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Idiots for dummies

Posted by Eric Wilbur, Boston.com Staff  August 24, 2010 08:51 AM

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Johnny Damon loves Detroit.

He just loves it.

"It's probably as tough of a decision for me to make right now as it was for me to leave Boston for New York."

Johnny Damon is a fraud.

A complete fraud.

The Tigers center fielder was weighing his options last night after the Red Sox put in a waiver claim on him, which means there could be a slight chance Damon ends up back in Boston, where he was vilified after jumping ship to New York following the 2005 season. It's a tough decision for no-trade Johnny because of how much he's enjoyed his time with the Tigers, the team he was always meant to play for.

Or, wait. Was that the Yankees?

Or the A's?

Or the Royals?

It's always hard being Damon, so emotionally attached to whatever city he and Puppet Master Scott Boras can con into signing his paychecks. So, if indeed he does decide to waive his no-trade clause and lands in Boston for the final six weeks of the season, here's how it will presumably play out:

Damon will arrive in town, swarmed by his adoring media members, and break bread with Red Sox fans. He will be cheered by the alternative hats in the Red Sox' first true sellout in weeks. Damon will then talk about how Boston is the best city he has ever played in, emotionally choked up about how he always dreamt of this moment of redemption. All is forgiven, and Damon and Red Sox fans will once again be in another fictitious love affair.

Until he signs with the Rays in the offseason and begins to wax nostalgic about how he always envisioned himself playing for Tampa Bay as a little boy. When reminded that the Rays didn't come into existence until 1998, Damon will flash a wry grin and wink into the camera with that enchanting twinkle in his eye. Reporters will swoon and continue with the ridiculous assertion that he's a Hall of Famer (Damon's top similar batter on Baseball Reference is the immortal Cesar Cedeno).

Wash. Rinse.

No matter where Damon goes, the story is always about him. It was about him immediately following the 2004 World Series when he "wrote" that ridiculous book. It was all about him immediately following the 2005 ALDS when Damon was crowing about his impending free agency before the White Sox celebration even had a moment to get off the Fenway Park infield. And now, should he jump ship to Boston and the Red Sox actually make the playoffs, how do you think Damon would relish the role of "savior?"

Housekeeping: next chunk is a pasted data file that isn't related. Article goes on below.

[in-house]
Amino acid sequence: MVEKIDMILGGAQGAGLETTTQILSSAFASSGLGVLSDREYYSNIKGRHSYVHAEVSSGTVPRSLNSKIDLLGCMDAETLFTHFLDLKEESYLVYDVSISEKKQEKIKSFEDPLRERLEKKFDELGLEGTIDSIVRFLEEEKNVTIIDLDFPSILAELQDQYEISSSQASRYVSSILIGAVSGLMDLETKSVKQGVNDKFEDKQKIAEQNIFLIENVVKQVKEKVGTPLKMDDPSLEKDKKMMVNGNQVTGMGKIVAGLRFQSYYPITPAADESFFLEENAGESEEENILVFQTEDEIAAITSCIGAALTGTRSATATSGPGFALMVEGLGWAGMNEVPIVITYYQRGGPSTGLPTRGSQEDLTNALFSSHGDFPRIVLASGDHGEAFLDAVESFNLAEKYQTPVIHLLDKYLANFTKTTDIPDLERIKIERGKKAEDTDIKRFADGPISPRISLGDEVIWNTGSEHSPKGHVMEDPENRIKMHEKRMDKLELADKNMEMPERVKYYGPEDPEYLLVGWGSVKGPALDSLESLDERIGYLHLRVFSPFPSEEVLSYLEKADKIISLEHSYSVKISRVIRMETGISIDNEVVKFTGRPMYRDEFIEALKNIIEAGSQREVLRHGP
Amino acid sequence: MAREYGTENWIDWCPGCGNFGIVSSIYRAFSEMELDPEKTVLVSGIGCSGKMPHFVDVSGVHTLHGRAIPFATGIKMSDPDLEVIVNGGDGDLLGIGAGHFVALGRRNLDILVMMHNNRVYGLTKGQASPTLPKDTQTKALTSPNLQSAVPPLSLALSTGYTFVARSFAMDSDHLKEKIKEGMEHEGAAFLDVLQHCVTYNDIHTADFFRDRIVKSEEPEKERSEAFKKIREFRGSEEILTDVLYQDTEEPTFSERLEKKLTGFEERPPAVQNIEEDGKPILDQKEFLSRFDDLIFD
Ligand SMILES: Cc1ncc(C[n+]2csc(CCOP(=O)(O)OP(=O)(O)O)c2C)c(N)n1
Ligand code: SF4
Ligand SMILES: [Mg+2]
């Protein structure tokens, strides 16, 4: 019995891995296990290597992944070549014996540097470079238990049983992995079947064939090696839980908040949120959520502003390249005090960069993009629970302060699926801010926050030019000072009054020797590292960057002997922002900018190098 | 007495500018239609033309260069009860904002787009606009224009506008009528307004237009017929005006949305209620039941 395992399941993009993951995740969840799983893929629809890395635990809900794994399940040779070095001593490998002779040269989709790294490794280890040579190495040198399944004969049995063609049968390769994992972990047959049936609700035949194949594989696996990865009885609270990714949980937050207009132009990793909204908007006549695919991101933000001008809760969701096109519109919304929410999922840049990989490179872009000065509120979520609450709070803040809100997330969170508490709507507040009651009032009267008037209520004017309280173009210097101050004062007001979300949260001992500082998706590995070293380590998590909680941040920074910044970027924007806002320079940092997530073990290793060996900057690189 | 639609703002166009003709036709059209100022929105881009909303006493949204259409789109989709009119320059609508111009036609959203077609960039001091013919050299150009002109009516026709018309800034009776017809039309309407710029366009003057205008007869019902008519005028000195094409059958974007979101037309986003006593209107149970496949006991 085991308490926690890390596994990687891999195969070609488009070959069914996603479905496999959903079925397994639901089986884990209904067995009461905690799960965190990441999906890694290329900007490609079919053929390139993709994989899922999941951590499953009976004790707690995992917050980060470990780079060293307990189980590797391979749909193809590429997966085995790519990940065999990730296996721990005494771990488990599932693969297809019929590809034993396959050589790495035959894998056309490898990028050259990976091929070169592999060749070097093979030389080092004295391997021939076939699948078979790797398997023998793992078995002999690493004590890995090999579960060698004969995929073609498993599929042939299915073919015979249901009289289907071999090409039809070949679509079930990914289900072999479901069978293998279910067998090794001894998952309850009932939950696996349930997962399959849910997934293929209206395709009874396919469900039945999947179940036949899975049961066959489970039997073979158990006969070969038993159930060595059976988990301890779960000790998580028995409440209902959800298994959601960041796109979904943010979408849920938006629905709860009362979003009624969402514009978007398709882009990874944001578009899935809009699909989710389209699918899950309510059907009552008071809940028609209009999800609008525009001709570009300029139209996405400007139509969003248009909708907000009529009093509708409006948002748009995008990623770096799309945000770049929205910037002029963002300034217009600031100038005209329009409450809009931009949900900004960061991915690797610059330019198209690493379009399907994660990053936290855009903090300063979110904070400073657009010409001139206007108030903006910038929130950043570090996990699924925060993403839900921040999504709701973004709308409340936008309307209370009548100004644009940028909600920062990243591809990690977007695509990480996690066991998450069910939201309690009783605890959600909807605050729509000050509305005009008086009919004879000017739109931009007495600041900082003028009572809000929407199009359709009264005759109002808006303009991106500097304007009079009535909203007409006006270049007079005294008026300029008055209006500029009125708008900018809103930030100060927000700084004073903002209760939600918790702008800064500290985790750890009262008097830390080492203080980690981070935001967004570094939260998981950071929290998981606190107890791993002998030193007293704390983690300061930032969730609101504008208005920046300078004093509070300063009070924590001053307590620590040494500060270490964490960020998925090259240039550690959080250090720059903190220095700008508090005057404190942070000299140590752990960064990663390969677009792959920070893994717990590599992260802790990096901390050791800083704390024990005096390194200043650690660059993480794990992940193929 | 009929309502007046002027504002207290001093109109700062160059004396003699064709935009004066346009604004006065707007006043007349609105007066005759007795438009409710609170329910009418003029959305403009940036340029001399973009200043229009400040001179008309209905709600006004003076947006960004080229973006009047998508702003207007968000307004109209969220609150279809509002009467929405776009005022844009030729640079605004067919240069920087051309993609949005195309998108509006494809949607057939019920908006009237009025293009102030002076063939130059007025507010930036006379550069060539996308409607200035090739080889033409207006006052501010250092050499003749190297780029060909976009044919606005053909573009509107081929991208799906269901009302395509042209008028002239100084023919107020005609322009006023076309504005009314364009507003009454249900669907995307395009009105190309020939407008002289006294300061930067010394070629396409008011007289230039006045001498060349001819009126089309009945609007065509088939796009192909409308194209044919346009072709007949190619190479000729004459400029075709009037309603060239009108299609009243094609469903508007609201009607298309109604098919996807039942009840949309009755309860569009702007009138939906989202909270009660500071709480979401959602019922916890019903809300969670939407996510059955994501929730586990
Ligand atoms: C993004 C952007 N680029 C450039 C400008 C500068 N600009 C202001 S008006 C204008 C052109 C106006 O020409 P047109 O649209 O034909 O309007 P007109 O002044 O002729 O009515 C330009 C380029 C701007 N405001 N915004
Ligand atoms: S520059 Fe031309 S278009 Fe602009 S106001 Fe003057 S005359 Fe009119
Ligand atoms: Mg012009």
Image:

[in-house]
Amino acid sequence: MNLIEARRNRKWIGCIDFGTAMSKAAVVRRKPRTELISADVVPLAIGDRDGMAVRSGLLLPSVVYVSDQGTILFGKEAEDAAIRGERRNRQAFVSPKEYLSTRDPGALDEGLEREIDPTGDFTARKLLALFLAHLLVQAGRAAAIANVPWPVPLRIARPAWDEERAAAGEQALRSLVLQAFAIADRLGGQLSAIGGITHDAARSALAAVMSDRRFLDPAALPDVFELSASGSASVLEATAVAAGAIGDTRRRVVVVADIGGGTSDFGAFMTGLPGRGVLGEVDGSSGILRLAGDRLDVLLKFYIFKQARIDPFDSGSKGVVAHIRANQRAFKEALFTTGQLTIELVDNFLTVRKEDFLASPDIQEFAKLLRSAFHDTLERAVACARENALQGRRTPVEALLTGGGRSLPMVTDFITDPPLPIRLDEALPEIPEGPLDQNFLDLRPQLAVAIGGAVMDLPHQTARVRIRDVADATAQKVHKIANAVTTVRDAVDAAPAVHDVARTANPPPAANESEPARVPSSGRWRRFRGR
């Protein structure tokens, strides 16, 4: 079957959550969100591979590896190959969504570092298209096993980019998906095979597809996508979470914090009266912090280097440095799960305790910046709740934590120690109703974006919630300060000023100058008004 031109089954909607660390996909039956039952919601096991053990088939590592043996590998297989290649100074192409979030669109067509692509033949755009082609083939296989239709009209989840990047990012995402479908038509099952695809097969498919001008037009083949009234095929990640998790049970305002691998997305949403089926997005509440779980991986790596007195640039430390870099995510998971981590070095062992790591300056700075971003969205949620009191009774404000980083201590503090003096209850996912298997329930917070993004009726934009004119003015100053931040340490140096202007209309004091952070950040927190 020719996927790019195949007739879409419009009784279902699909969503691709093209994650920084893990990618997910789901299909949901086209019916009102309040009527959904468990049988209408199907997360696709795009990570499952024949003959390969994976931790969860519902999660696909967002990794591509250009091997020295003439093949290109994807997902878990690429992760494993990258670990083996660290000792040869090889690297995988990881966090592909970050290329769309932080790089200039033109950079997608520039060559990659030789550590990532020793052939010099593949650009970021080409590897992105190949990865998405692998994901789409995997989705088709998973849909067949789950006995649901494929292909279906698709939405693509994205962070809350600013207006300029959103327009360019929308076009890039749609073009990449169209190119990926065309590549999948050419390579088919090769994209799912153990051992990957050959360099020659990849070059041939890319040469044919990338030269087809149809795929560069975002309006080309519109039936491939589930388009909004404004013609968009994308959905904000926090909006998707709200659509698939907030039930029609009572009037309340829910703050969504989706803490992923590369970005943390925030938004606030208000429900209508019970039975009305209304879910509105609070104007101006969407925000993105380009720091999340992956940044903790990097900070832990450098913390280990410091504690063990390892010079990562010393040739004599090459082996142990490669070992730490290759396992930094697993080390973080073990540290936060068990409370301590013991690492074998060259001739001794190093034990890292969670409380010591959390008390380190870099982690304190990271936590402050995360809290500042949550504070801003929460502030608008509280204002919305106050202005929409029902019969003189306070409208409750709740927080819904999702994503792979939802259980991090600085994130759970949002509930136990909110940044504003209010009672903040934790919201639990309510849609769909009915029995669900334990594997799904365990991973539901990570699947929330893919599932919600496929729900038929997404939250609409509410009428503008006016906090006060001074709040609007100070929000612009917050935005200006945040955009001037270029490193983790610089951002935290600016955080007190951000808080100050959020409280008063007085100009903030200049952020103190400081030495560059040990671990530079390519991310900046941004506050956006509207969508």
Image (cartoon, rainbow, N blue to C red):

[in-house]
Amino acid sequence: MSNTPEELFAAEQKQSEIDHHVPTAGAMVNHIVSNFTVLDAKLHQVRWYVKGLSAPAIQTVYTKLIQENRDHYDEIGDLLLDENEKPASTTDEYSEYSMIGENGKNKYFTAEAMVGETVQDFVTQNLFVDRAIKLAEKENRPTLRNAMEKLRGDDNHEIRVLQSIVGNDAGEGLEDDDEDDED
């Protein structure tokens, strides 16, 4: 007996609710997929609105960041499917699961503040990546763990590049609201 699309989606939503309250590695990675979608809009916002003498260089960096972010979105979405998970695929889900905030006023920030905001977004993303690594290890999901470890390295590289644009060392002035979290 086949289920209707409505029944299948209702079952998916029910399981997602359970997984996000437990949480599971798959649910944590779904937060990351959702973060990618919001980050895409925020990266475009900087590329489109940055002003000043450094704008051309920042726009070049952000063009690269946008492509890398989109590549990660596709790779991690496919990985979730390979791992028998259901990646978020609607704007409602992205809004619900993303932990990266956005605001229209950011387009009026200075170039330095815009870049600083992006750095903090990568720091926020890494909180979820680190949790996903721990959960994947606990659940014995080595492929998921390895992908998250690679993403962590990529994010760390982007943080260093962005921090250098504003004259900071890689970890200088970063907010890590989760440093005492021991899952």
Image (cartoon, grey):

And by "relish," I mean play it up for a new contract in 2011.

Of course, all this news has certain media members drudging up all the wrong reasons why Red Sox fans can't stand Damon, simplistically stating that it was merely because he went to the hated Yankees why fans will never again buy him a beer in this town. Not true. Red Sox fans grew tired of Damon's shtick when he simply wouldn't shut up during that offseason, talking about how he was "flat-out disrespected" by the Red Sox and crowing about the Yankee tradition even before he had a chance to don the pinstripes in Tampa that following spring. He could have simply said, the Yankees came in and offered more money. Instead, he dismantled his legacy in Boston faster than anyone not named Roger Clemens.

Whichever team that happens to be paying Damon is his "special place." He's one heck of a ballplayer, but he's one hell of an actor.

"If I do this, and we pulled everything together and I could help them get into the postseason, it would change everything again," he said.

This is why by some time tomorrow Johnny Damon will again be a member of the Boston Red Sox. It does Johnny Damon no good for his 2011 contract to remain in Detroit. In Boston, he's in the headlines again, as either hero or villain, and not riding out the season with the free-falling Tigers.

He'll play it off as a shot at redemption. A con man to the end.

“The only reason why I would be considering it is to help out this team in the future. I love the Tigers organization, and I love the fact that they’re up-front and honest. If somehow they can get a good prospect back, a player that can help this team in the future, it would be beneficial for them. I would like to remain a Tiger, so I think that’s why these next hours are pretty important.”

What a fraud.

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About the Author

Eric Wilbur is a Boston.com sports columnist who is still in awe of what Dana Kiecker pulled off that one time in Toronto. He lives in the Boston area with his wife and three children. Comments and suggestions for the best Buffalo wing spots are encouraged.

Contact Eric Wilbur by e-mail or follow him on Twitter.

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